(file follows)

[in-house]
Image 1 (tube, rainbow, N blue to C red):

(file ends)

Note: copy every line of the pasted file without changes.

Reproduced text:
[in-house]
Image 1 (tube, rainbow, N blue to C red):